A spectacular national use of the productive function of visual practices in a context not unlike prisoner abuse in Abu Ghraib, was evident in France at the end of the 19 century when Alfred Dreyfus, a Jew, was charged (unjustly) with selling military secrets to the Germans. The military faced a terrible problem in that Dreyfus did not look like the prevailing stereotype of the degenerate Jew. How, then, to prove, that although Dreyfus looked like a regular Frenchman, a sinister alien lurked below? The answer was to transform his body into text, offering visual proof of his degeneracy. Ceremonially ripping his rank from his clothes and photographing Dreyfus in ways that might make him appear non-military and effeminate, Dreyfus’s body then served to resolve the French military’s own concerns over its virility as well as French anxieties over Jews, especially those who too easily passed.29 Photos, then, must be understood, as Shawn Michelle Smith suggested as “visual codes of national belonging.” The photos that did this most spectacularly for America were the photographs of lynched African Americans.30
Part Two: Rituals of Violence
Lynching “transform[ed] “whiteness” into something visible and terribly tangible, into something “real.” In the gruesome act of dissecting the body of an African American man, white men and women convinced themselves of their own physical superiority.”31
Writing about these photos and collective will, Andrew Austin considers the grins on the faces of the white people in the pictures. He asks how we might understand motive and agency. Why did so many participate so gleefully in these kinds of acts and wished to prolong their joy through recording it? It is remarkable, Austin observes, that one can find many expressions in the crowds of white men, women and children who watch or who actually do the lynching, but the expression one never sees on anyone’s face is horror.32 Ordinary Americans participated in these crimes, had their photos taken beside lynched bodies, smiled for the camera, sent postcards of the event in which they circled their own faces and described the “barbecue.” As I am suggesting for Abu Ghraib, lynching photos were not intended for Blacks but for whites, a tangible and lasting reminder of an important occasion.
Clearly, it was not enough to simply kill Blacks, Austin comments. Instead, “the killers had to murder Blacks in the most excessive and public way... Afterward, instead of shame and guilt, the perpetrators expressed pride in their actions, taking trophies, fragments of the corpse, selling body parts as souvenirs, and proudly displaying the photographs they had taken in local shop windows.”33 People walked around town carrying the bones of lynched men. The collective, open aspects of these acts make them hard to grasp. Phillip Dray recounts the story of W.E. Dubois discovering that crowds were excitedly gathering to see the lynching of Sam Hose. Du Bois was forced to face the fact that lynching was not the action of a few violent men as he had assumed, but a collective expression of hatred and white supremacy. These acts of violence “made clear to everyone the proper social order of things.”34 Those in power did not move to stop it and often participated in it. City officials posed for photographs alongside of lynched men without fear of punishment and the United States Senate failed to enact anti-lynching legislation for several decades, a fact for which it has recently apologized35. As an expression of a collective will, lynching and the practice of recording it confirmed for white men and women who they were.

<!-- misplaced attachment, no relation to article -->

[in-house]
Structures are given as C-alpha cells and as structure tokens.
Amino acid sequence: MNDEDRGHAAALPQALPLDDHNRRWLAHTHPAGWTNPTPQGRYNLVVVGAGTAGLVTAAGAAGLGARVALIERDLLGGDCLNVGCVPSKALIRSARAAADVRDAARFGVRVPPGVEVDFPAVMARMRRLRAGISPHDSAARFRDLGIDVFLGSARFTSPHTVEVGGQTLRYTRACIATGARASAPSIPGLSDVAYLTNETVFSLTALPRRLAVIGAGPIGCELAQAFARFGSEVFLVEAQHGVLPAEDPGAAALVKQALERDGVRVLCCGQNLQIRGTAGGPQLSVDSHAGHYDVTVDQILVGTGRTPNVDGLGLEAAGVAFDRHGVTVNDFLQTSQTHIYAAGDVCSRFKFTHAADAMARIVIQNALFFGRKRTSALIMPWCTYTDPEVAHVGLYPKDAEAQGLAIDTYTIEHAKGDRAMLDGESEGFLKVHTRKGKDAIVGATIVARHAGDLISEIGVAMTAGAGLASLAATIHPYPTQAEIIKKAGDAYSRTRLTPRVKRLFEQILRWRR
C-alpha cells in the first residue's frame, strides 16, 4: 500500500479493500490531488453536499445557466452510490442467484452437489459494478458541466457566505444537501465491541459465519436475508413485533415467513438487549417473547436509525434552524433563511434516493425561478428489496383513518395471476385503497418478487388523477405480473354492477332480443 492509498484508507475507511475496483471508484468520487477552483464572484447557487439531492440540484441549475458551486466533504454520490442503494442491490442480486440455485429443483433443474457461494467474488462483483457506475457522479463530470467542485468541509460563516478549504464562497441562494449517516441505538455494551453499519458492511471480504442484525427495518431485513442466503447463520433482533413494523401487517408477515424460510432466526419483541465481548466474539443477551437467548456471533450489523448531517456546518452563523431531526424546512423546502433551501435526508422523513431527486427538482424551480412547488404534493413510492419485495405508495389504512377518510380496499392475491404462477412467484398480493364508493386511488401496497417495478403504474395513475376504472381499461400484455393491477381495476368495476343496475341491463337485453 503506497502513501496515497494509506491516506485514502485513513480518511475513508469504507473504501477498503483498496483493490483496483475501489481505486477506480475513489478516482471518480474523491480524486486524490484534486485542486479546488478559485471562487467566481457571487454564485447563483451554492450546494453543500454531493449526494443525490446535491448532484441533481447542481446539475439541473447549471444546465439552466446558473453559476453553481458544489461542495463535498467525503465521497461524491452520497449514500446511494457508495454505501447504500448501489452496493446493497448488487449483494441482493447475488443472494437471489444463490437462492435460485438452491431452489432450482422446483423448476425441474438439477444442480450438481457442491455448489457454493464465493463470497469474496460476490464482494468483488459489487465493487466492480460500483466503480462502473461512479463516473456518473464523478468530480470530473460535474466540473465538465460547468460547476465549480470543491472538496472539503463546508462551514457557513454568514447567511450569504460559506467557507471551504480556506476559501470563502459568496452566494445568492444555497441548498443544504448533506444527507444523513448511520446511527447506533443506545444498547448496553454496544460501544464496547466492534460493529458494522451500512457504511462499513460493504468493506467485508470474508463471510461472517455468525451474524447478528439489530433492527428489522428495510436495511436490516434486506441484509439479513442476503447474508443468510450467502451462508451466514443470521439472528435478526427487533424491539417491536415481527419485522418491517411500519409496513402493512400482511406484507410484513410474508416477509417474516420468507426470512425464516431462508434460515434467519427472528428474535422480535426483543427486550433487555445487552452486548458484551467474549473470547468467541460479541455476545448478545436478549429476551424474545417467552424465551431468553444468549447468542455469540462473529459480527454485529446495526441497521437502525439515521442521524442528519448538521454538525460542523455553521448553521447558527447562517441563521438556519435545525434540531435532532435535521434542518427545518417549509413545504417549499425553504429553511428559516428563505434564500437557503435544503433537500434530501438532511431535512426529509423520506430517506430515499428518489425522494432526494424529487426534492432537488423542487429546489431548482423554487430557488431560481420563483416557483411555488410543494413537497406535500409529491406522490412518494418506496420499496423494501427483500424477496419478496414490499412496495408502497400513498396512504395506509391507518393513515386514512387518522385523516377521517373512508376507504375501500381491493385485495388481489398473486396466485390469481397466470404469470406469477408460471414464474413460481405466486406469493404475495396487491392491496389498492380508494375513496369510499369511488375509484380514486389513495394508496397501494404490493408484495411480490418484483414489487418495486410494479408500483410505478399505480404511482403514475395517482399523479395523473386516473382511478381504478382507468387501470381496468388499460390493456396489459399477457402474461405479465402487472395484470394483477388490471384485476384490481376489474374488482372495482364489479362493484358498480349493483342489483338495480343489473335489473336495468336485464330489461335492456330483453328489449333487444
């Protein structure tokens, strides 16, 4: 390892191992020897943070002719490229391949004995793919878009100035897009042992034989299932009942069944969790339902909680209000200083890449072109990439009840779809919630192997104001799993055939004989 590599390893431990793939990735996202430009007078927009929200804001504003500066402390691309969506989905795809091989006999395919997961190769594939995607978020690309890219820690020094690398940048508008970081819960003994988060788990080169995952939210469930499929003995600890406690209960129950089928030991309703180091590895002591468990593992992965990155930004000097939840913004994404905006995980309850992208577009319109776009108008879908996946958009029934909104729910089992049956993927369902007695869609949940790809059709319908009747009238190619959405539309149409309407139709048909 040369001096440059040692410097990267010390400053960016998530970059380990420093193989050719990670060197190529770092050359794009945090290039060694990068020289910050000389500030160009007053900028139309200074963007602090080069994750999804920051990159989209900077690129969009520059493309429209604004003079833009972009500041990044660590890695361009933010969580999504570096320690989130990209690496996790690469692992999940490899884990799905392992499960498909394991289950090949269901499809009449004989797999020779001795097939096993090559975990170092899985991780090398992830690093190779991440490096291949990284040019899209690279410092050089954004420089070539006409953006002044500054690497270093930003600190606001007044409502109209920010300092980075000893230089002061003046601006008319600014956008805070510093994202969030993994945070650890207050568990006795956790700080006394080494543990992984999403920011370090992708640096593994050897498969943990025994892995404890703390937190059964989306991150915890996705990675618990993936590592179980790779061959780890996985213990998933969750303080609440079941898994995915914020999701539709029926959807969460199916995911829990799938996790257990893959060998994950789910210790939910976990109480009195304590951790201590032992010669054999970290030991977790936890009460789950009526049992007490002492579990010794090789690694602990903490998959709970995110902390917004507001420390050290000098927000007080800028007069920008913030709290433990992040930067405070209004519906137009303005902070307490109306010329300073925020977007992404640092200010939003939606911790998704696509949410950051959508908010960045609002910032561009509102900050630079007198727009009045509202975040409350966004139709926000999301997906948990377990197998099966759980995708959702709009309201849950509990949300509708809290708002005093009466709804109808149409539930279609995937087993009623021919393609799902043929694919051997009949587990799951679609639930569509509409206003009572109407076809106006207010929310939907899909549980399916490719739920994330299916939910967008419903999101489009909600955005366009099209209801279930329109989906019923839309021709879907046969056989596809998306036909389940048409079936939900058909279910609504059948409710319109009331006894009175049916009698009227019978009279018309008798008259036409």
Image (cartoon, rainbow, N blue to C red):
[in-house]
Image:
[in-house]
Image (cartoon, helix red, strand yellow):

Symbolically and materially, lynching may be considered as a publicly shared and approved of practice to create community – white community. Both historians and Black fiction writers describe lynching as a ritual, as Trudier Harris documents. Through the ritual, “Whites consolidate themselves against all possible encroachments upon their territory by Blacks, whether the encroachments –physical, psychological, or otherwise–are committed wittingly or not. ”36 The title of Harris’s book, Exorcising Blackness, suggests what she thinks the ritual is intended to do. Harris, who focuses on the pedagogic intent of the lynching ritual, first describes it: